Causes of Death
CAUSES OF DEATH
In looking at patterns and variables in causes of death worldwide, it is important to consider physical, economic, social, and environmental factors, as well as the age structure of different populations. In the early 1990s, for example, the developed countries of the world accounted for 11 million of the world's nearly 50 million deaths. The large majority of these (10.4 million) were due to noncommunicable diseases—mainly cardiovascular disease (5.3 million), cancer (2.3 million), respiratory disease (0.5 million), and injuries (about0.7 million). Of all deaths occurring in developing countries, however, 40 percent (16 million) were due to communicable, maternal, and perinatal causes, and 60 percent to noncommunicable diseases (18 million) and injuries (3.5 million). Deaths from injuries caused roughly the same proportion of deaths in both developed and developing regions, but were twice as common among males than among females.
In developing countries, differences occur in the distribution of causes of deaths. The probability of dying before the age of fifteen varies according to sex and cause of death in the various areas, though the breakdown between communicable and noncommunicable disease is similar to that discussed above (see Figure 1). Discrepancies are largely due to the methods used to estimate the number of deaths.
The distribution of causes of mortality is changing, and is likely to continue to change. In developed countries, deaths from communicable diseases and perinatal and maternal causes fell from 6 percent to 2 percent of all deaths between 1985 and 1997, while the percentage in the developing world fell only slightly, to 53 percent. Over the same period, deaths from cardiovascular diseases fell from 51 percent to 46 percent of all deaths in developed countries, but increased from 16 percent to 24 percent in the least developed countries—those countries where manufacturing accounts for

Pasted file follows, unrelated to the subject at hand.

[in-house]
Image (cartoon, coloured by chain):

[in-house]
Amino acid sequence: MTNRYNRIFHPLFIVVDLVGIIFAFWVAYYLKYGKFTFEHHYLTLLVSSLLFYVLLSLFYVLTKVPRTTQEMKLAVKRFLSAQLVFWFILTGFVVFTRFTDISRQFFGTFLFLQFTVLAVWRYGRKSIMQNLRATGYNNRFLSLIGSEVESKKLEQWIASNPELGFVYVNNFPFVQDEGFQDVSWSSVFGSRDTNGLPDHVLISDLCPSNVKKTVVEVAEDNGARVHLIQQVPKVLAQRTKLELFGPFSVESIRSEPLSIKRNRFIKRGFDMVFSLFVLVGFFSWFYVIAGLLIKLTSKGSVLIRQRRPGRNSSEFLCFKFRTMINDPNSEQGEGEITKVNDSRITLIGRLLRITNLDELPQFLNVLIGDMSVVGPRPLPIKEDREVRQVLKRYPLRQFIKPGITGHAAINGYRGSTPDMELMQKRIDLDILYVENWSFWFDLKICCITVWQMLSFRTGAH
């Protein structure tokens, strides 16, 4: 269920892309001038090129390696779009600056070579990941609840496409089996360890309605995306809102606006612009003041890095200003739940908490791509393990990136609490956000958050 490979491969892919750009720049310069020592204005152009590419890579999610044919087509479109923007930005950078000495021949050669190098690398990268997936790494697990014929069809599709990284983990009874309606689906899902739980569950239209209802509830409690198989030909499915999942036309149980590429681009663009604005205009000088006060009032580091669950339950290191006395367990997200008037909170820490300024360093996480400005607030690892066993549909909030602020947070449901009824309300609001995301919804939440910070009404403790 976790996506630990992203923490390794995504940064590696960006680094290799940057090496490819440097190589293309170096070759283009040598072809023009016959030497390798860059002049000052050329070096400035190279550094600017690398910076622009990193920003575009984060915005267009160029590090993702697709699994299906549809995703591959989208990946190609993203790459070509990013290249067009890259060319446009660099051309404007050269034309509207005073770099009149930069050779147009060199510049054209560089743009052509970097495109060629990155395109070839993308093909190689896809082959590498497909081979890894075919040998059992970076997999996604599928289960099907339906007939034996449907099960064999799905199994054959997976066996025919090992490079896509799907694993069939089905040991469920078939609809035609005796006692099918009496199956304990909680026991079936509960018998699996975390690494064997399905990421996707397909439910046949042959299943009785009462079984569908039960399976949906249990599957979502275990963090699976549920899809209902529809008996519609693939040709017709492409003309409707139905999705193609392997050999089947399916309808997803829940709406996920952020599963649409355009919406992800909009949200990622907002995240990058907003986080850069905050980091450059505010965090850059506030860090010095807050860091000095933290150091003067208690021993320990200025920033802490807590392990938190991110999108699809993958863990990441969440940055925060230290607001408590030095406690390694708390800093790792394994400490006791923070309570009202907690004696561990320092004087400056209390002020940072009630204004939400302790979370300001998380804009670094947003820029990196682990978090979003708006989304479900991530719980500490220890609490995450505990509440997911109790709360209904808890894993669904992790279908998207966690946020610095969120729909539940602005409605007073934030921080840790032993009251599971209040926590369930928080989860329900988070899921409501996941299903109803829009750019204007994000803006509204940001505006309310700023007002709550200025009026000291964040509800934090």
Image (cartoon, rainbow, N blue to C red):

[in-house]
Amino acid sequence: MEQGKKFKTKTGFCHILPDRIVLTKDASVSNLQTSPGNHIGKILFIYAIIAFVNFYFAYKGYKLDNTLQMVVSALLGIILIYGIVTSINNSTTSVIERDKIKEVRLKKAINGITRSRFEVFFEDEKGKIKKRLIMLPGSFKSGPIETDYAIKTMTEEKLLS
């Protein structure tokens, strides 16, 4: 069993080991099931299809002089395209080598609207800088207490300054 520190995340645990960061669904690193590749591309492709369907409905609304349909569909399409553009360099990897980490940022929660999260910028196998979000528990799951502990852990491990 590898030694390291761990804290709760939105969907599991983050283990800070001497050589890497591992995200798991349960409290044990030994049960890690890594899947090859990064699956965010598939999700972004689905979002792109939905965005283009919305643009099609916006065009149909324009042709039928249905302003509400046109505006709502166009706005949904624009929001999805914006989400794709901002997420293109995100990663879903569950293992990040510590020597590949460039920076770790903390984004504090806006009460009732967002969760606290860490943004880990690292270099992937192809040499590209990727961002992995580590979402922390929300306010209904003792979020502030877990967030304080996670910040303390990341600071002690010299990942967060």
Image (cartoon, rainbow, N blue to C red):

less than 10 percent of GDP, where adult literacy is less than 20 percent, and where the per capita GDP is $100 (1968) or less.
A comparison of the extremes of the spectrum of development shows a marked difference in the age distribution of deaths. In developed market economies less than 2 percent of deaths occur before the age of twenty (this is likely to be 1 percent by 2025), while in the least developed countries the figure rises to 40 percent (23 percent by 2025). Similarly, deaths above the age of sixty-five represents about 77 percent of all deaths in the developed market economies (projected to 88 percent by 2025), but only about 12 percent (31 percent in 2025) in the developed countries.
The impact of health structures within a nation is less well known, but is likely to affect mortality. One striking case is that of AIDS (acquired immunodeficiency syndrome). New therapies have led to a marked fall in deaths from AIDS in the developed world. With few exceptions (e.g., Brasil), however, these therapies are not systematically applied in developing countries, for reasons of cost, and a lack of adequate health structures for distribution and education, and deaths from AIDS in those countries continue to rise. Both the age structure of a population and the conditions under which it lives will thus affect not only the amount of death a population encounters, but the way the death comes.
MICHEL C. THURIAUX
Murray, C. J. L., and Lopez, A. D. (1994). "Global and Regional Causes-of-Death Patterns in 1990." Bulletin of the World Health Organization 72 (3):447–480.
World Health Organization (1999). The World Health Report 1998—Life in the 21st Century: A Vision for All. Geneva: Author.